On Mudas Summer’s 17th birthday, her cherished mother, Ella, is found hanging from the rafters of her home. Did she kill herself? Did her abusive husband finally go too far? Those are the whispers from the people of Peckinpaw, Kentucky. But Muddy is determined to discover the truth, and with the help of her friend, Bobby, they set out to do just that, becoming embroiled in a long-ago historical event and the hatred and racial bias of the Seventies.
Bobby is the descendant of Frannie Crow, a slave hanged at a nearby plantation for an incidental crime, her gallows used to create a bench in the town square known as the Liar’s Bench. The Bench is a significant backdrop in the telling of the tale, and the tale is full of Southern swagger and a hundred years of lies.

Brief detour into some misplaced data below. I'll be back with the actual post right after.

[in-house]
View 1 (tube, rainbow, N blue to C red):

Richardson does a splendid job of weaving the two stories together without a literary muddle. Frannie’s touching and relevant story is told in meaningful bites, and Muddy is the personification of a 17-year-old girl who Richardson has written with wit, anger and the sensibilities of her age. A clear stage is set for Muddy and Bobby to discover the truth about Ella, Frannie and themselves as they follow a road filled with suspicions, secrets, threats and racism.
Liar’s Bench is a satisfying mystery with thought-provoking historical elements, written in a sassy Southern voice.